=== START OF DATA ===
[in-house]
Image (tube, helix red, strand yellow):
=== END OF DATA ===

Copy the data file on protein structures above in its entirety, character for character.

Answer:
[in-house]
Image (tube, helix red, strand yellow):